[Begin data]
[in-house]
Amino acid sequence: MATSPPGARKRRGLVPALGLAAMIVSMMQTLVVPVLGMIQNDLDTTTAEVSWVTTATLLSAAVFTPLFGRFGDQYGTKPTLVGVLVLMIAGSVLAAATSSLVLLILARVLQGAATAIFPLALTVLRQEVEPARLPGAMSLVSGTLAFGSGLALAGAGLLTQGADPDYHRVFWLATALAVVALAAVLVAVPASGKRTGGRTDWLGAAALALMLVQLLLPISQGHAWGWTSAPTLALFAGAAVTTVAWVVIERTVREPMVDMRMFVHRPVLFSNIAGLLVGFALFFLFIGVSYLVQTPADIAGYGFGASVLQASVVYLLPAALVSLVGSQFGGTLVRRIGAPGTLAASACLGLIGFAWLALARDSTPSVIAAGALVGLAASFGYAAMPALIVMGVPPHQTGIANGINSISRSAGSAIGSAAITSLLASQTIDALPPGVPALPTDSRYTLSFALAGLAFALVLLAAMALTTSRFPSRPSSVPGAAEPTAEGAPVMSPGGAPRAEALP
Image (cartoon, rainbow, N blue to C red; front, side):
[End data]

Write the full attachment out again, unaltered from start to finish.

[in-house]
Amino acid sequence: MATSPPGARKRRGLVPALGLAAMIVSMMQTLVVPVLGMIQNDLDTTTAEVSWVTTATLLSAAVFTPLFGRFGDQYGTKPTLVGVLVLMIAGSVLAAATSSLVLLILARVLQGAATAIFPLALTVLRQEVEPARLPGAMSLVSGTLAFGSGLALAGAGLLTQGADPDYHRVFWLATALAVVALAAVLVAVPASGKRTGGRTDWLGAAALALMLVQLLLPISQGHAWGWTSAPTLALFAGAAVTTVAWVVIERTVREPMVDMRMFVHRPVLFSNIAGLLVGFALFFLFIGVSYLVQTPADIAGYGFGASVLQASVVYLLPAALVSLVGSQFGGTLVRRIGAPGTLAASACLGLIGFAWLALARDSTPSVIAAGALVGLAASFGYAAMPALIVMGVPPHQTGIANGINSISRSAGSAIGSAAITSLLASQTIDALPPGVPALPTDSRYTLSFALAGLAFALVLLAAMALTTSRFPSRPSSVPGAAEPTAEGAPVMSPGGAPRAEALP
Image (cartoon, rainbow, N blue to C red; front, side):